March 21, 2023

Information Technology by cobuman

World moving on from fossil-fuels as oil industry refuses to adapt to changing consumer views

With news that France has taken a range of measures aimed at reducing the amount of petrol guzzling cars on its roads by 2050, auto manufacturers are hoping to progress with a market that is increasingly looking to greener alternatives. Additional announcements that major European hubs were considering closing off entire roads and restricting the volume of trucks on its major arteries has signalled that governments are also following in the way of the consumer.

However, the car industry isn’t necessarily on the way out.

The noticeable shift in consumer trends has been visible for over a decade, as companies began adapting to the call for hybrid vehicles and research and development efforts towards electric and biogas-run vehicles. Companies like Tesla have been ahead of the curve, with sales of their electric cars steadily rising over the past five years despite the company failing to post profits during that time. Whilst that may seem like a large red flag, the market will eventually catch up and Elon Musk’s calculated gamble could end up reaping a huge payoff.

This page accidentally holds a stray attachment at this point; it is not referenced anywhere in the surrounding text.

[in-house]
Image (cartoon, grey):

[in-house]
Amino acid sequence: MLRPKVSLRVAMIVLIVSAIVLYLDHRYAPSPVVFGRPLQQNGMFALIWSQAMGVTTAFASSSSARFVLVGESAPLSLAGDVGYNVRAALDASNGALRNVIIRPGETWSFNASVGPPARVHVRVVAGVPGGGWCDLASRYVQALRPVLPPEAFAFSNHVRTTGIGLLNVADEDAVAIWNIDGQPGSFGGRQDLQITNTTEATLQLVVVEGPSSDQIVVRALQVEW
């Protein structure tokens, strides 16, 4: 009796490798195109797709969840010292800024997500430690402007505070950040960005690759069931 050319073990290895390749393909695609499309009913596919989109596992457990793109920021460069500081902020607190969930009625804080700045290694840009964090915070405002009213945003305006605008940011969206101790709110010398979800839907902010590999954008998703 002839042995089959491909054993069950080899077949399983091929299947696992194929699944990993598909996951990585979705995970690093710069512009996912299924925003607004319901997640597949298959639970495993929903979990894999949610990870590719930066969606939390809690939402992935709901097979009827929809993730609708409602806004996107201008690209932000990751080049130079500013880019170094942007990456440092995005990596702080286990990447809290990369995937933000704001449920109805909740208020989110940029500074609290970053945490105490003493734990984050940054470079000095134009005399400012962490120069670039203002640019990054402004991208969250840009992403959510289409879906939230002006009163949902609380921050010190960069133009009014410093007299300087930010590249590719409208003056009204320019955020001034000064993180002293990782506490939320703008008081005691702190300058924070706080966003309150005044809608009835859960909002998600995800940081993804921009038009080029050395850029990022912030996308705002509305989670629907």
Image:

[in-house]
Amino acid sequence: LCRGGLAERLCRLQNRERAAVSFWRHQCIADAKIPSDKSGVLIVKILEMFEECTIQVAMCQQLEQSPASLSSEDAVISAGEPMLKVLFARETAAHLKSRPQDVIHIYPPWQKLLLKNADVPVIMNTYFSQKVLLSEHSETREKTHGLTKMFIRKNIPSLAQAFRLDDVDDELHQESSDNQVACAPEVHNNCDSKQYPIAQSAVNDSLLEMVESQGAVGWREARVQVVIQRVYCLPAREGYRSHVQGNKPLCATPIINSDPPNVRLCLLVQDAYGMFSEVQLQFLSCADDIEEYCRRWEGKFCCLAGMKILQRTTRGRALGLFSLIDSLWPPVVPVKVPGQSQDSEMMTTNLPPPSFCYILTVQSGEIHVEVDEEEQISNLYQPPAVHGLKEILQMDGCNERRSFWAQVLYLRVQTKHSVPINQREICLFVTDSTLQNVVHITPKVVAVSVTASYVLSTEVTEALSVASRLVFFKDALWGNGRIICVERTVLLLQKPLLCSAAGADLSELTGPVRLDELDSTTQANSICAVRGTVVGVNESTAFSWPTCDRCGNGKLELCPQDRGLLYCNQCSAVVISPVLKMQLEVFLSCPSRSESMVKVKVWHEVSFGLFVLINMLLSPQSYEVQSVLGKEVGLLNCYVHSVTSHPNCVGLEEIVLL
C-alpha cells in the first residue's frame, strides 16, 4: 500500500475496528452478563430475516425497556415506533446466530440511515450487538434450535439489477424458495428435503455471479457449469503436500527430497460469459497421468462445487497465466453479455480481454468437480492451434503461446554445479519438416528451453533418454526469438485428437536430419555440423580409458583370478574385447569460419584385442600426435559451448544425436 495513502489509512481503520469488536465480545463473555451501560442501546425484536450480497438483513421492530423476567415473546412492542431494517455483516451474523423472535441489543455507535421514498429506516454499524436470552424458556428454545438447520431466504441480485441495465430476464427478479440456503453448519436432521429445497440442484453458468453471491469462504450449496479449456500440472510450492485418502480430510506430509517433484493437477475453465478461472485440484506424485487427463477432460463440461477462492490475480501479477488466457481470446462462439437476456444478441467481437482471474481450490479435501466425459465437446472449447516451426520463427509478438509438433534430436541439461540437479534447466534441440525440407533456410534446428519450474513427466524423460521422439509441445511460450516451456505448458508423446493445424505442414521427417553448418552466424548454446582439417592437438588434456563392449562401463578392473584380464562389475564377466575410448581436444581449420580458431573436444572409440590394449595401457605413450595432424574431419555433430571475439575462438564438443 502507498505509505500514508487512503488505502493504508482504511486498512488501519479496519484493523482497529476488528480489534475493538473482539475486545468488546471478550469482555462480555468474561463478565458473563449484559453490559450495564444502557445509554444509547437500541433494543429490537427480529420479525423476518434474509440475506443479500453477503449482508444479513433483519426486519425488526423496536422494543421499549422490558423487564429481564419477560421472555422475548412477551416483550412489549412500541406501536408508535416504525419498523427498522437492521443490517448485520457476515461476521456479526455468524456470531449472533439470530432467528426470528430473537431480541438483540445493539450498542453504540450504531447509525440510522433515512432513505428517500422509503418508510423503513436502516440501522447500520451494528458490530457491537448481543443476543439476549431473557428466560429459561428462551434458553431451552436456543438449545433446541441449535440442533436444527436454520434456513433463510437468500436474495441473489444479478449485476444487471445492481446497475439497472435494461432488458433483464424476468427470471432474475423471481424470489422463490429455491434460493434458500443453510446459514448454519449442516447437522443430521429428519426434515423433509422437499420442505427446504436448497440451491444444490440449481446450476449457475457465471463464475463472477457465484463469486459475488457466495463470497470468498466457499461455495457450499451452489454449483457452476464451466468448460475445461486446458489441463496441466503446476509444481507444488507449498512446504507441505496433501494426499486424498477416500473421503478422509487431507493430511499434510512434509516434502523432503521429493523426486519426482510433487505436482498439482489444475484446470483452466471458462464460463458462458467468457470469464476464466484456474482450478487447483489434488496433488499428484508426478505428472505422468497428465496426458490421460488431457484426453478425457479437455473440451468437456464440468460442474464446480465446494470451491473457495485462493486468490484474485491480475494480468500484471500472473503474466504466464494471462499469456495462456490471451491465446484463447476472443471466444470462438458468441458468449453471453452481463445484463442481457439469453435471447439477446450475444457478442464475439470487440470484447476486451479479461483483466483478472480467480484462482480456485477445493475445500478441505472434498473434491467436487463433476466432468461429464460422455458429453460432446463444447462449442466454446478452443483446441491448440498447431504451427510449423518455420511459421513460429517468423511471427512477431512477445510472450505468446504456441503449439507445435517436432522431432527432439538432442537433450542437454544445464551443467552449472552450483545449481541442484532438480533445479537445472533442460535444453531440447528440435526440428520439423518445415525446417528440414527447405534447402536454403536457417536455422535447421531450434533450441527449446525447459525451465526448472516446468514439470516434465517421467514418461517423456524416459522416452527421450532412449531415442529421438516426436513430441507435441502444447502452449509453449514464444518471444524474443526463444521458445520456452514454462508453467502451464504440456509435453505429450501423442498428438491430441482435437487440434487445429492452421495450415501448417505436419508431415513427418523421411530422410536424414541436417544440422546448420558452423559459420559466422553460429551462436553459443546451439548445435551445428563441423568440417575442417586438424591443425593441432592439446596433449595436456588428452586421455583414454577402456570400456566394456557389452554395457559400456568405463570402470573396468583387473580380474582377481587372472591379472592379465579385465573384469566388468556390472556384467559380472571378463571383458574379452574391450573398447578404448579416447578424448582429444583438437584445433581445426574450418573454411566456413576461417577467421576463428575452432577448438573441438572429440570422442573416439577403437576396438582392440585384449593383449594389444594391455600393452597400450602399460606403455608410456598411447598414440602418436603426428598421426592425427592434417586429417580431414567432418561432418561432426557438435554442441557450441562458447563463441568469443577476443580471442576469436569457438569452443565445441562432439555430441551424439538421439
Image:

Major brands have since adapted their strategies.

French giant Renault has pioneered low-cost electricity vehicles meant for goods transport and are now exporting them overseas, whilst many of its public transport options all revolve around renewable or green energy. Swedish heavyweight Volvo announced that all of its cars will be hybrid or electric from 2019, whilst other manufacturers have ramped up their efforts to produce clean vehicles.

That being said, the oil industry has also noticed this trend, and has been working towards cashing in on it as well.

Major oil-producing nations have spent vast amounts of money to try and future proof their economies and put forward a positive image as they realise the age of oil is beginning to end. Places like Dubai are creating sustainable hubs and looking into renewable energies as a way to consolidate their portfolio – which currently rests primarily on their oil stocks.

Big Oil is also continuing to exert pressure on countries unable to transition towards renewables.

Countries like Australia, Brazil, Venezuela and the United States continue to be lobbied hard and comply with major donators from those fields in order to push a pro-fossil fuel agenda. Pressured by new-age consumerism that has started putting a value on the environment has made many oil moguls worried for the future of their companies as they are unable to put the interests of the planet ahead of their own profit margins.